And how does she do with other dogs?  Just ask Harriet the Basset Hound and fellow Pet Partner. At a recent luncheon at the hospital, Sally and Olivia came in the back door and Judy, Harriet’s handler, was up front with Harriet. Everyone chuckled in amusement as the dogs greeted each other from opposite ends of a large room. Harriet bayed in response to Olivia’s bark. Once initial greetings were done, both dogs settled. Attending hospital luncheons isn’t the only way appreciation is shown for the work the dogs do with the patients. One of the benefits of being a therapy dog is that the hospital staff always have a little treat. With gentleness that is astounding Olivia takes a treat from anyone, staff and patients alike. She does not ask Sally’s permission. But then – the important thing is that she be happy. Just ask Sally.

Olivia goes just about everywhere with Sally. They recently taught a Red Cross course up in Casper, WY for two days – eleven hours each day with two days of travel. Olivia has been a co-instructor in classes all over the area and has mastered the art of working the room. She readily identifies the most needy person in the room and dispenses comfort by lying down by them.

In early April, Denver was blessed with nearly three feet of snow and Sally was called to Denver International Airport to meet the emergency needs of stranded passengers. It was only natural for Olivia to go along and the airport officials agreed. For three days they lived in the airport with the passengers. Sleep was gotten only in snatches. At one point a young soldier on his way overseas came looking for something to eat. He was too anxious to sleep and had been awake for two nights. Since he seemed so totally enthralled with Olivia, Sally suggested he lie down (on the floor as that was all that was available) with Olivia. In five minutes both were snoring. Fortunately, he was told before long when his flight was departing and the two of them slept soundly until Sally woke them for breakfast and the soldier’s departure.

Another incident of Olivia’s wonderful ability to turn a negative into a positive occurred with a little girl who had endured mouth surgery before being stranded at the airport. She was understandably cranky from hunger, fatigue and the pain in her mouth. While Sally got the paramedics to deal with the pain and Pour Le France prepared scrambled eggs (this was in the middle of the night), Olivia provided the needed comfort. When the little girl’s tummy was full and the pain was abated the two of them settled down to a cozy, satisfying nap.

Olivia worked for three days and nights at the airport. She was tired when she got home and slept for 12 hours but she did her job and did it well.

Olivia now lives the life of a truly treasured friend and has recently acquired a new friend of her own. Sally had told her they were going to get a female Golden Retriever someday and would name her Fiona. Well, that has not happened yet. However, Olivia helped with a rescue after the May snow storm and now has Pauline to torment her.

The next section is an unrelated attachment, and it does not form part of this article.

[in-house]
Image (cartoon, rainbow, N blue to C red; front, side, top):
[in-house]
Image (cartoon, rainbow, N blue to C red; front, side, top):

A patio roof collapsed on a litter of kittens who were not yet weaned. After four days the owners of the house called for help because of the crying they could hear. Sally was called in with Olivia to check it out. Under the debris Olivia excitedly sniffed and Sally was guarded as Olivia had not met a cat before – well, at least not one that she didn’t try to chase. Amongst the rubble lay a sickly feral kitten, the only survivor from the ugly collapse that had killed her mother and siblings. Sally felt compelled to take the kitten home herself. Olivia sat with her in the car all the way home and seemed just curious.

Then, the unthinkable happened. Pauline had recovered and was missing. Sally suggested Olivia “Go Find” the kitty and soon Olivia returned, gently carrying the kitten in her mouth by its head. Even though several people had come forward to adopt the kitten, she had already found a new owner and friend. Olivia had claimed her as her own.

What started as a life of terrible neglect and abuse, has now become a living miracle of the incredible capacity for forgiveness and love that exists in a dog. This miracle is Olivia. Olivia has come a long way. The painful memories of being unloved have not succeeded in destroying her capacity for sharing her own unconditional love. So that no one else will feel the pain of being unloved, Olivia doles out her special brand of love to everyone she meets. If only we could love so unconditionally, without prejudice and selfishness, and perhaps most admirably, without expecting anything in return.


Editors note: 
Thank you, Olivia, for enduring all that you have, for being all that you are, and for all you are yet to become. Sally, you are to be commended for your compassion in not turning your back on an animal in need,  for your foresight in realizing the incredible potential in Olivia and your perseverance and commitment to an arduous and lengthy training period to polish this "diamond in the rough". You and Olivia embrace the will and determination it takes to excel in animal-assisted therapy and truly make a difference in every life you touch. It's an honor to work alongside you on the Denver Pet Partners team and Delta Society is proud to have Olivia wearing her green Delta therapy dog vest .

Article reprinted with permission by Diana M. McQuarrie
Executive Director, Denver Pet Partners, (303) 948-6363 (office) / (720) 359-5421 (fax)